“Zack has been an impressive leader on his UURAF projects,” said Dr. Ratan. “Throughout both projects, he had to develop skills in areas that were completely new to him, but with his love of learning and tenacious spirit, he made quick work of the learning curve. The products of his work are very impressive for an undergraduate at his level.”

Blending In: The Hidden Nature and Evolution of New York City’s Informal Housing Market since the 1930s

Jillian Plant is a sophomore majoring in communication. Her presentation focuses on the various forms of illegal housing that exist in New York City, including the occupation of lofts, garages, and basements, and how these residences have changed over time.

“When certain things become legalized, such as formerly illegal forms of housing, the market can now take control of these assets and price them however they wish,” said Plant.

Plant's mentor, Dr. Guo Chen, discussed how Plant's research not only discusses the economic impact but also addresses the social ramifications of these informal living areas.

“Jillian conducted a fascinating research project,” said Dr. Chen. “Her paper discussed gentrification as an impact of legalization on informal housing residents and provided an innovative framework to investigate gentrification and informal housing in a broader global context.”

Street Teams and the Lansing Art Gallery

Street Team, Team Mantis, in front of their presentation of their project

Grace Cyporyn is a sophomore majoring in creative advertising with a minor in graphic design. Julius Patto is a first-year student double majoring in creative advertising and experience architecture.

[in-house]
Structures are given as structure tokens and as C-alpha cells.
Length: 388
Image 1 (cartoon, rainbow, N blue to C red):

Cyporyn and Patto, along with Jennifer Rousseau and Nicoline Bradford, are a part of the Street Team, “Team Mantis.” Street Teams are interdisciplinary groups of students who partner with nonprofit organizations and assist them with media projects. They have real-world learning opportunities while giving back to the community. 

Cyporyn and Patto showcased the deliverables they created for their client: The Lansing Art Gallery. 

“We all worked tirelessly this academic year on projects ranging from new b-roll footage, brochures, and redesigning and updating their historical timeline, which will be showcased within our presentation,” said Patto.

“I hope that people will be able to see what a unique and fun organization Street Teams is, as well as get some insight into the world of creating content for nonprofits!” said Cyporyn.

Jeana-Dee Allen is one of the mentors along with Jon Whiting and Kaumudi Mahjan, on Cyporyn and Patto’s Street Team.

“In one of their projects, the team is capturing the nonprofit’s legacy by creating a timeline celebrating the influence they've had on Greater Lansing,” said Allen. “The team is not only using their skills to support the nonprofit, but they are also helping an organization celebrate their almost 60-year impact on the community.”

Team Mantis received a first-place award for their work. The full list of first-place awards can be viewed here.

Generation Gap

A photo of Devin Davidson

Devin Davidson is a senior majoring in media and information with a concentration in film production with a religious studies minor. This year, Davidson presented a documentary called Generation Gap. The piece explores how the COVID-19 pandemic affected a variety of different people.

“Since it was a unique and somewhat challenging experience filming individuals during a pandemic, it made the footage more authentic and showed how prevalent of an issue COVID-19 was at the start of the pandemic,” said Davidson. “While it is still an issue today, our film shows just how scary and new of a lifestyle we all had to live at the start of the pandemic.”

Davidson hopes that the documentary leaves viewers with a sense of empathy and compassion. Journalism professor of practice Amol Pavangadkar has overseen Davidson's project as a faculty mentor.

"Generation Gap explores how different age groups coped with the hardships and isolation caused by the pandemic," said Pavangadkar. “After doing their audience research and pitching the ideas to external judges, Devin and her group did a brilliant job covering these very personal struggles to produce this relatable documentary." 

By Joe Strother